TheCenterLane.com

© 2008 – 2020 John T. Burke, Jr.

Here We Go Again

Comments Off on Here We Go Again

September 22, 2008

Exactly one year ago, we saw the release of Naomi Klein’s book, The Shock Doctrine: The Rise of Disaster Capitalism.  Klein’s book explained how unpopular laws were enacted in a number of countries around the world, as a result of shock from disasters or upheavals.  She went on to suggest that some of these events were deliberately orchestrated with the intent of passing repugnant laws in the wake of crisis.  She made an analogy to shock therapy, wherein the patient’s mind is electrically reformatted to become a “blank slate”.  Klein described how advocates of “the shock doctrine” seek a cataclysmic destruction of economic order to create their own “blank slate” upon which to create their vision of a “free market economy”.   She described the 2003 Iraq war as the most thorough utilization of the shock doctrine in history.  Remember that this book was released a year before the crisis we are going through now.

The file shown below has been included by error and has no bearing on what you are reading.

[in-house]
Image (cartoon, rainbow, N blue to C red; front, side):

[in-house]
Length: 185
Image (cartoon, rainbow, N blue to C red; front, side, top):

You may recall former Senator Phil Gramm’s recent appearance in the news for calling the United States a “nation of whiners” and positing that the only recession going on in the United States these days is a “mental recession”.  Gramm is a longtime buddy and mentor to a certain individual named John McCain.  Gramm is the architect of the so called “Enron Loophole” allowing speculators to drive the price of oil to absurd heights.  (Gramm’s wife, Wendy, was a former member of Enron’s Board of Directors.)  Gramm was most notorious for his successes in the deregulation of Wall Street (with the help of McCain) that facilitated the “mortgage crisis” as well as the current economic meltdown.  He sponsored the 1999 bill that repealed the Glass-Steagall Act.  The repeal of that law allowed “commercial” and “investment” banks to consolidate.  Gramm’s face appears in many campaign videos with McCain, taken earlier this year.  As a result of the outrage generated by Gramm’s remarks, McCain formally dismissed Gramm as his campaign’s economic advisor.  Despite the fact that Gramm no longer has a formal role in the McCain campaign, many believe that he would be McCain’s choice for Secretary of the Treasury in the event that McCain should win the Presidential election.  On September 21, MSNBC’s David Shuster grilled McCain campaign spokesman, Tucker Bounds, about the possibility that McCain is planning to appoint Phil Gramm as his Secretary of the Treasury, should McCain win.  Tucker Bounds squirmed all over the place, employing his usual tactic of deflecting the subject of the current economic crisis back to the Obama campaign.  Most noticeably, Mr. Bounds never made any attempt to deny that McCain plans to put Gramm in charge of the Treasury.